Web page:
Globally, 1 in every 113 people is now either an asylum-seeker, internally displaced or a refugee. This represents a population greater than the United Kingdom and would be the 21st largest country in the world.

“More people are being displaced by war and persecution and that’s worrying in itself, but the factors that endanger refugees are multiplying too,” said UN High Commissioner for Refugees Filippo Grandi during the launch of the report.

Though the Syrian conflict continues to generate a large proportion of refugees in the world and garners significant international attention, other reignited conflicts have been contributing to the unprecedented rise in displacement including Iraq.

Iraq currently has the third-largest number of internally displaced persons (IDPs), and alongside Yemen and Syria, the Middle Eastern nation accounts for more than half of all new internal displacements.

“More people are being displaced by war and persecution and that’s worrying in itself, but the factors that endanger refugees are multiplying too.” -- Filippo Grandi.

By the end of 2015, there were 4.4 million Iraqi IDPs, compared to 3.6 million at the end of 2014. At least one million of these IDPs have been displaced since conflicts in the mid-2000s.

Displacement has increased even further following a government military offensive against the Islamic State in May with more than 85,000 Iraqis fleeing from the Iraqi city of Falluja and its surrounding areas. Approximately 60,000 of these fled over a period of just three days between 15 to 18 June.

Despite the figures, UNHCR continues to struggle to secure funding to meet the needs of Iraqis.

Halfway through the year, the agency has so far only received 21 percent of funds needed for Iraq and the surrounding region.

“Funds are desperately needed to expand the number of camps and to provide urgently needed relief supplies for displaced people who have already endured months of deprivation and hardship without enough food or medicine,” said UNHCR spokeswoman Ariane Rummery.

Though six camps have already been built and the construction of three more are underway, UNHCR estimates that 20 additional camps will be needed in the coming weeks.

In the Debaga camp in northern Iraq, newly displaced civilians are staying in a severely overcrowded reception centre which is currently seven times above its capacity.

Along with the lack of shelter, insufficient hygiene facilities and clean drinking water is creating a “desperate situation,” Rummery said.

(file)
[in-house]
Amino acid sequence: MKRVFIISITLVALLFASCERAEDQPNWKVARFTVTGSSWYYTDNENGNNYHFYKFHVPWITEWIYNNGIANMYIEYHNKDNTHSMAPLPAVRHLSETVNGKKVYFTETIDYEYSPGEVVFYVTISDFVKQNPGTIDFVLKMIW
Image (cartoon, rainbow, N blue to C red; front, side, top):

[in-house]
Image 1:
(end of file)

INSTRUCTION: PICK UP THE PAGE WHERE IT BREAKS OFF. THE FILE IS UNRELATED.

And displacement may only get worse, she added.

“It is estimated that more than a million people still live in Mosul and any large offensive against the city could result in the displacement of up to 600,000 more people,” Rummery stated.

According to the UN Office for the Coordination of Humanitarian Affairs (OCHA), Iraq is classified as a level-three emergency, which signifies the most severe, large-scale humanitarian crisis.

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Latin America and the Caribbean: What does it take to prevent people from falling back into povertyhttp://www.ipsnews.net/2016/06/latin-america-and-the-caribbean-what-does-it-take-to-prevent-people-from-falling-back-into-poverty/?utm_source=rss&utm_medium=rss&utm_campaign=latin-america-and-the-caribbean-what-does-it-take-to-prevent-people-from-falling-back-into-poverty http://www.ipsnews.net/2016/06/latin-america-and-the-caribbean-what-does-it-take-to-prevent-people-from-falling-back-into-poverty/#comments Wed, 22 Jun 2016 18:06:56 +0000 Jessica Faieta http://www.ipsnews.net/?p=145748 http://www.ipsnews.net/2016/06/latin-america-and-the-caribbean-what-does-it-take-to-prevent-people-from-falling-back-into-poverty/feed/ 0 Aquaculture Meets Agriculture on Bangladesh’s Low-Lying Coasthttp://www.ipsnews.net/2016/06/aquaculture-meets-agriculture-on-bangladeshs-low-lying-coast/?utm_source=rss&utm_medium=rss&utm_campaign=aquaculture-meets-agriculture-on-bangladeshs-low-lying-coast http://www.ipsnews.net/2016/06/aquaculture-meets-agriculture-on-bangladeshs-low-lying-coast/#comments Wed, 22 Jun 2016 12:25:31 +0000 Naimul Haq http://www.ipsnews.net/?p=145746 Bangladeshi farmer Aktar Hossain using the Sarjan model. He just planted eggplant (known locally as brinjal) worth 700 dollars and released fish worth 240 dollars. Hossain expects a profit of 1,200 dollars by the end of the season. Credit: Naimul Haq/IPS